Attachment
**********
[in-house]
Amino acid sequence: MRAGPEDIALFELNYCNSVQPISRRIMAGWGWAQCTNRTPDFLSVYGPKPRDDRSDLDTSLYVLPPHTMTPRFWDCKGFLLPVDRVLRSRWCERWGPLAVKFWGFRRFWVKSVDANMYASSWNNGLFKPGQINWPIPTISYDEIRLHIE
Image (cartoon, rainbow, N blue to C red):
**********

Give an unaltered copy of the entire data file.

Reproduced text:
[in-house]
Amino acid sequence: MRAGPEDIALFELNYCNSVQPISRRIMAGWGWAQCTNRTPDFLSVYGPKPRDDRSDLDTSLYVLPPHTMTPRFWDCKGFLLPVDRVLRSRWCERWGPLAVKFWGFRRFWVKSVDANMYASSWNNGLFKPGQINWPIPTISYDEIRLHIE
Image (cartoon, rainbow, N blue to C red):